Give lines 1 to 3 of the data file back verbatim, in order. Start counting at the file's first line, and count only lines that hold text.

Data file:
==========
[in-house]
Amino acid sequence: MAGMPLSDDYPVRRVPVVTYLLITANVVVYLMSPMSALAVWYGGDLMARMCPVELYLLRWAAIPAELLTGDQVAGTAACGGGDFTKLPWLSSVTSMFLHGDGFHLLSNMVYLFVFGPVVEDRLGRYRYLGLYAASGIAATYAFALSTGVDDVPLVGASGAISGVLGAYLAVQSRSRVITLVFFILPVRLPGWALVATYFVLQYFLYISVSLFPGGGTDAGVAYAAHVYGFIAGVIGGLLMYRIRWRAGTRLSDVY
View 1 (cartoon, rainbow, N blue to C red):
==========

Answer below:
[in-house]
Amino acid sequence: MAGMPLSDDYPVRRVPVVTYLLITANVVVYLMSPMSALAVWYGGDLMARMCPVELYLLRWAAIPAELLTGDQVAGTAACGGGDFTKLPWLSSVTSMFLHGDGFHLLSNMVYLFVFGPVVEDRLGRYRYLGLYAASGIAATYAFALSTGVDDVPLVGASGAISGVLGAYLAVQSRSRVITLVFFILPVRLPGWALVATYFVLQYFLYISVSLFPGGGTDAGVAYAAHVYGFIAGVIGGLLMYRIRWRAGTRLSDVY
View 1 (cartoon, rainbow, N blue to C red):